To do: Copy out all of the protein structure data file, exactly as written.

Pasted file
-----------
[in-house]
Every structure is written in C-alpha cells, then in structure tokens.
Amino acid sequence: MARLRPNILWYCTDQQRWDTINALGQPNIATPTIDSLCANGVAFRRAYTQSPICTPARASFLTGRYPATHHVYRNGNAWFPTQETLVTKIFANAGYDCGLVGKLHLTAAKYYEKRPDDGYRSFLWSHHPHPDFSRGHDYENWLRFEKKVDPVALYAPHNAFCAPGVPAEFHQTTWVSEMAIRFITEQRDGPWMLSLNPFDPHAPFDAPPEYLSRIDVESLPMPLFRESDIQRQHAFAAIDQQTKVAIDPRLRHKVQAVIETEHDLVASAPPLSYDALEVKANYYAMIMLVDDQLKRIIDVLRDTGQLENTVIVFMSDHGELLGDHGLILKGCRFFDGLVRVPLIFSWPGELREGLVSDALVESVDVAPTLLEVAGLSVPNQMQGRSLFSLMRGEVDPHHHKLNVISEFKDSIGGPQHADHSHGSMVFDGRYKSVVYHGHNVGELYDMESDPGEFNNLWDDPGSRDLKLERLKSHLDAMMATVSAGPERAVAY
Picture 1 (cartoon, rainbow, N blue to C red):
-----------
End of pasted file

[in-house]
Every structure is written in C-alpha cells, then in structure tokens.
Amino acid sequence: MARLRPNILWYCTDQQRWDTINALGQPNIATPTIDSLCANGVAFRRAYTQSPICTPARASFLTGRYPATHHVYRNGNAWFPTQETLVTKIFANAGYDCGLVGKLHLTAAKYYEKRPDDGYRSFLWSHHPHPDFSRGHDYENWLRFEKKVDPVALYAPHNAFCAPGVPAEFHQTTWVSEMAIRFITEQRDGPWMLSLNPFDPHAPFDAPPEYLSRIDVESLPMPLFRESDIQRQHAFAAIDQQTKVAIDPRLRHKVQAVIETEHDLVASAPPLSYDALEVKANYYAMIMLVDDQLKRIIDVLRDTGQLENTVIVFMSDHGELLGDHGLILKGCRFFDGLVRVPLIFSWPGELREGLVSDALVESVDVAPTLLEVAGLSVPNQMQGRSLFSLMRGEVDPHHHKLNVISEFKDSIGGPQHADHSHGSMVFDGRYKSVVYHGHNVGELYDMESDPGEFNNLWDDPGSRDLKLERLKSHLDAMMATVSAGPERAVAY
Picture 1 (cartoon, rainbow, N blue to C red):